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I am a python beginner (python 2.7 and ironpython 2.7) and not a programmer. From time to time, I find a code which starts like so:

import clr
clr.AddReferenceToFile("nameOfmodule")
from nameOfmodule import someMethod

What is the point of this? Can't we just use:

from nameOfmodule import someMethod

?

I tried googling but have not really understand the explanation.

Thank you for the reply.

EDIT: the confusion is not between "from nameOfmodule import someMethod" and "import nameOfmodule.someMethod". I edited the code, so that now it makes more sense.

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3 Answers 3

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You don't need to import clr and AddReferenceToFile with recent versions of Python for .NET, but it still works for backwards compatibility so the examples you're looking at might still use it so they work for a larger number of people.

With recent versions, you can treat CLR assemblies as normal Python modules:

from nameOfModule import someMethod

clr is the Common Language Runtime, provided by Microsoft's .NET framework. So, in your example, the script uses clr so that it can refer to a component written in C# or Visual Basic and made into a library for use with something else.

http://pythonnet.github.io/ has some more information.

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Are you using IronPython and .NET? If so the code in the first example is required to add a .NET assembly as reference in IronPython, so that Python can import it.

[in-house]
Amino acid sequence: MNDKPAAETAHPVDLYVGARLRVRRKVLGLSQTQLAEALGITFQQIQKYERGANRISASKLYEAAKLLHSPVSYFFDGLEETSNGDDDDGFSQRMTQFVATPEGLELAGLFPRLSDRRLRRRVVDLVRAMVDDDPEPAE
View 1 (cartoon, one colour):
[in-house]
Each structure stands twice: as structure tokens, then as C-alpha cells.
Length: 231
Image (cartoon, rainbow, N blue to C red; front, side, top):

Otherwise you don't need to do it, and from nameOfmodule import someMethod will work.

Note, the code in your second example is incorrect for importing a function in a standard Python module. You can either:

>>> import nameOfmodule
>>> result = nameOfmodule.someMethod()

or

>>> from nameOfmodlue import someMethod
>>> result = someMethod()

but the following will give you an error:

>>> import nameOfmodule.someMethod
ImportError: No module named someMethod
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In the second example you still have to use nameOfmodule.someMethod(...) when you want to call method, in the first you simply need someMethod(..). If you used import nameOfmodule.someMethod as sm that would make more sense.

If you like typing or you have another someMethod defined somewhere in your code use your second example.

An example using os.path:

In [3]: import os.path     
In [4]: os.path.abspath(".")
Out[4]: '/home/foo'    
In [5]: from os import path
In [6]: path.abspath(".")
Out[6]: '/home/foo'    
In [7]: import os.path as op   
In [8]: op.abspath(".")
Out[8]: '/home/foo'

The clr is only relevant if you are using Ironpython:

The import statement in Python is more analogous to a using statement in C#. you still need to load the relevant .dll assembly. C# does this at compile-time by using references; IronPython by default includes standard CLR references, which is why it is immediately possible to import System.Xml

However, if you want to load a .dll that is not included by default in IronPython, you must use clr.AddReference("myAssembly.dll") and then use the import statement to import the module.

There a a blog post here that goes into more detail

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